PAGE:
A computer programmer may use an appropriate programming language to code the instructions that the computer responds to in order to manipulate the display. However the user interface for interacting with that code is ideally a graphical user interface (GUI). The GUI may take many forms. One possible way includes a way for the user to indicate individual folders and/or subfolders or ranges of folders and/or subfolders whose visibility is to be altered. The selected folders and subfolders need not be adjacent to each other. Having made the selection, the user then accesses a drop down menu that includes a “folder visibility” option as seen in FIG. 3. For example, a user confronted with the display of FIGS. 1A-1F uses a mouse to select (e.g. by highlighting) sub-subfolders S1 through S9, sub-subfolders S11 through S37, subfolders U1 through U68, sub-subfolders US1 through US39, sub-subfolders US 41 through US45, and sub-subfolders US47 through US55. The user then selects the “folder visibility” option from the “View” drop down menu. The computer responds by suppressing the visibility of the selected folders. The result is the simplified display of FIG. 2.

The reverse process is also provided for. For example a user confronted with the display of FIG. 2 can select one or more of the vertical ellipses and then access the “folder visibility” option to restore the visibility of the folders represented by the ellipses.

It is emphasized that the above examples of suppressing and restoring folder visibility are not limiting. The tools (e.g. drop down menus, dialogue boxes) and the exact order in which those tools are accessed is a matter left to the discretion of the system architect and/or programmer.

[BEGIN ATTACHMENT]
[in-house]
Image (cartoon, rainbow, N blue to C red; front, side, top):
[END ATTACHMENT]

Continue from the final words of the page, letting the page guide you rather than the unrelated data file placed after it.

A related improvement to conventional computer memory displays involves manipulating the default visual attributes of folders to give those folders a distinctive look desired by the user.

FIG. 4 shows a fragment of the display of FIG. 2 in which a user has applied a visual attribute to selected folders. In the illustration, label “R” signifies that in the actual display folders U73, U74 and U80 are colored red, label “Y” signifies that folders U77 and U82 are colored yellow and label “G” signifies that folders U72 and U85 are colored green. Folder U79 has been crosshatched positively; folders U84 and U86 have been crosshatched negatively. Folder U89 has been enlarged relative to the other folders. Other possible visual attributes include stippling (which might be grouped with various crosshatching options under a more generic heading such as “shading”) and the properties such as size and format (e.g. bold, italics and color) of the font of the text used for the folder name. These visual attributes are selected by the user from a menu of attributes. The attributes have a significance determined by the user to help the user visually identify folders of a particular significance in a large collection of folders.